For more on the Annapolis conference, we’re joined by two guests. Mustafa Barghouti is an independent Palestinian lawmaker and democracy activist. He is the former information minister of the Palestinian Authority. In 2005, he ran for president, finishing second to Mahmoud Abbas. Daniel Levy is a former Israeli peace negotiator. He served as adviser to the governments of Ehud Barak and Yitzhak Rabin. He is currently a senior fellow of the Middle East Policy Initiative at the New America Foundation. They join us both from Washington, D.C.
Daniel Levy, what did you expect to come of the conference? Did it meet your expectations?
DANIEL LEVY: Well, the expectations were low, Amy. And thank you for having us on, and it’s an honor to be with you. And when the expectations are low, they expectations can be met. So I think we knew in advance that this conference wasn’t going to be about substance.
MUSTAFA BARGHOUTI: I can’t hear him. Is he speaking?
DANIEL LEVY: What we weren’t sure is whether they’d get the optics right. Here, I think Secretary Rice has something of a feather in her cap. She got all the attendees there. She got a joint statement. We had uplifting speeches. And we got a presidential commitment. That means at least that they’ve got more invested in this than they have for the last seven years. So at least when there’s an investment, you’ve got a bit more to lose.
MUSTAFA BARGHOUTI: Now I hear him.
DANIEL LEVY: Having said that, everything now is about what happens next on the ground. Are there serious negotiations, or do the negotiations get stalled? And the daily situation that you had a little report about there, does that daily situation improve for the people, or is it just as dreadful? And if it’s the negative side of that ledger — and unfortunately that’s probably where the bookmakers would be — then no one comes out of yesterday smelling of roses, and we’re all back where we started.
So I think it’s good that the Americans are engaged again, but the kind of engagement matters, and I’m not sure we’re going to see a change. I was very worried by the old divisive global war on terror — dividing the world into good and bad — narrative that the President used yesterday.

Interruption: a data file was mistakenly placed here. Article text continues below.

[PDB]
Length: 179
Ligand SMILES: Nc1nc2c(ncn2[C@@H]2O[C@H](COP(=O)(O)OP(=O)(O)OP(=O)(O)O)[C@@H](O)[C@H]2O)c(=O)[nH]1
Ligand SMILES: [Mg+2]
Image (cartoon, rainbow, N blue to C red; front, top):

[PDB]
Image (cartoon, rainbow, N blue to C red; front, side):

AMY GOODMAN: Mustafa Barghouti, your response to the summit at the US Naval Academy in Annapolis?
MUSTAFA BARGHOUTI: Well, the only official thing that came out of this is the statement, the joint statement, and in that statement, the Palestinian delegation failed to present any of the Palestinian demands. Basically, the Palestinian delegation, being very weak and with great doubts about how representative it is, made one concession after the other. And everything they promised the Palestinian people, they failed to achieve. They didn’t mention the issue of Jerusalem; the issue of borders; the freeze of settlements, which we’ve been asking for. And basically the whole document and the whole outcome of the meeting has practically met every Israeli need or demand. What Livni promised has happened, which is that security comes before negotiations, and it becomes a condition of negotiations. What is most drastic is that after all this big gathering and all these expenses on such a conference, or a meeting, all we get is the same road map that was there back in 2003 and that was never implemented.
And in my opinion, what happened was very risky, because instead of discussing the real issues, the Israeli side managed to mobilize the American side; to marginalize completely the Quartet, which has no role from now on; to completely ignore and omit any mentioning of the basis and reference of negotiations, like UN resolutions, United Nations decisions —-
AMY GOODMAN: The Quartet being -— Mustafa Barghouti, the —-
MUSTAFA BARGHOUTI: —- everything that used to be mentioned, like international law, international humanitarian law. Everything was dismissed. The only reference that remains is what Israelis accept and what they don’t accept. And the whole issue becomes an issue of how the Palestinian Authority will be transformed to become a security subagent for occupation. And that is a condition. If the Palestinian Authority does not fulfill that, which is objectively impossible, then there will be no progress on any field. In my opinion, that is very dangerous. And it is really quite dangerous that the Israelis managed to get everything they want without any balance.